In their 2013 year-end report, Death Penalty Information Center (DPIC) reveals a continuing decline in the use of and public approval of the death penalty. Some of the key findings highlighted in the report include:
- A 10% decline in the number of executions, down to 39. This was the second time in 19 years that there were less than 40 executions in the U.S. Just two states, Texas (16) and Florida (7), were responsible for 59% of the executions.
- Fewer states imposed death sentences. In addition, the number of new death sentences remained close to the lowest level since the death penalty was reinstated in the 1970s.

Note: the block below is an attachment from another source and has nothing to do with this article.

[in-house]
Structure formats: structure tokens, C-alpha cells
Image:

- Public support for capital punishment registered a 40-year low.
- The number of states with the death penalty dropped in 2013, as Maryland became the sixth state in 6 years to abolish capital punishment.
Twenty years ago, use of the death penalty was increasing. Now it is declining by almost every measure,” said Richard Dieter, DPIC’s Executive Director and the author of the report. “The recurrent problems of the death penalty have made its application rare, isolated, and often delayed for decades. More states will likely reconsider the wisdom of retaining this expensive and ineffectual practice.”